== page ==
The struggles I went through were manic depression through emotional stress… from things like being as young as 17-23, having to pay sometimes $1000 in rent as a starving artist, maintaining a girlfriend, a dog and irresponsible roommates (not all of them but most.) It can be a very heavy thing.
With my lifestyle I always try to be positive and happy, but I learned if you don’t confront your struggles and problems, they do add up.
Ignoring them really brought me down a bad path. I didn’t care anymore.
“I went down such an unhealthy route which didn’t just affect me, but also the people I loved. When they couldn’t handle it, I blamed them when I was the one to blame. I lost it.”
This went on for over a year, almost 2 years.
Then I had one of the most serious injuries of my life. I tore 3 tendons in my ankle and couldn’t walk for almost 6 months. I’m still recovering, but have almost fully recovered.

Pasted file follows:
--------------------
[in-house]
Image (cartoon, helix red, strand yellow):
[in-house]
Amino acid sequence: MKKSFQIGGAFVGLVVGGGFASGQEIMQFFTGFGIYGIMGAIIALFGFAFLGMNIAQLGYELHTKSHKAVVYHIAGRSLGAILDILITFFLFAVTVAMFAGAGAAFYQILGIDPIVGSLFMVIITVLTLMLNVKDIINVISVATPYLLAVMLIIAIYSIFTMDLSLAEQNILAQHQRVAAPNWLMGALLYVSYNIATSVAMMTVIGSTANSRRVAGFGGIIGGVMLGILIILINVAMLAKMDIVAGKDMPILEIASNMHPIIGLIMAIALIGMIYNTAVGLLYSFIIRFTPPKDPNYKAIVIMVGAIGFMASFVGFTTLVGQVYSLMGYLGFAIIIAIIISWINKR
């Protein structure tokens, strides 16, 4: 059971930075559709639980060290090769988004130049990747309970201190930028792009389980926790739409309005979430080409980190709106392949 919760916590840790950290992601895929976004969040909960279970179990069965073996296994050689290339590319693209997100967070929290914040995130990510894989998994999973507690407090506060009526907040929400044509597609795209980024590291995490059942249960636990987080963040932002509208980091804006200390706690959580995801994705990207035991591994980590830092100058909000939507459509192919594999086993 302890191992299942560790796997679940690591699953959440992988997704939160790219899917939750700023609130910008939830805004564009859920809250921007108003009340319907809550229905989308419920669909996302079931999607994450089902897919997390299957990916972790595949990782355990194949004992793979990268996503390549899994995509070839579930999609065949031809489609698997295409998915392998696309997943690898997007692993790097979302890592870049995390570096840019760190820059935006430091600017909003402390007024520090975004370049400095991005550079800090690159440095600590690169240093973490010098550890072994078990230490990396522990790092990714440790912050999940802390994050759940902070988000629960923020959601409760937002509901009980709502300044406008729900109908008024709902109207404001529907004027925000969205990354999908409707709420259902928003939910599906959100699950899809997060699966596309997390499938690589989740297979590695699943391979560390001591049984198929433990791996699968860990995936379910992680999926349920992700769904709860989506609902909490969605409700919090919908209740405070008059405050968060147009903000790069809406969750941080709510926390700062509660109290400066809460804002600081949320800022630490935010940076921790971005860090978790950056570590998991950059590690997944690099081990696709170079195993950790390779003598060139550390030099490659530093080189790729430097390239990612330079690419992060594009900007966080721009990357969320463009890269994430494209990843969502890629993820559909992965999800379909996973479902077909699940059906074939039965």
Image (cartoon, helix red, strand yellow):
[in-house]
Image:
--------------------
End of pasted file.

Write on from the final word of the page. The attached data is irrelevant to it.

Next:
I wouldn’t have made such a comeback if I didn’t take it as a lesson and a guide to my health. I woke up, got my health cleared up and strengthened. The process was so hard, but I had no choice but to start over. If that blessing in disguise didn’t happen, I’m not sure I’d be even capable to be doing any interview in general.
I thank the universe for teaching lessons to the human race. I truly believe we have a certain energy higher than we think, that guides us. And it doesn’t come from out there, but within yourself.
3) How then, did you find the strength to pick yourself up and take on the day ahead? Heck, how did you even motivate yourself to want to take on the entire championship that was Silverback?
I’ve friends who told me before that depression can be so draining that it makes one not want to get out of bed at all.
• I definitely went through the “not getting out of bed” phase. It was crazy!
I didn’t even know who I was anymore… I moved back in with my mom when I had nothing.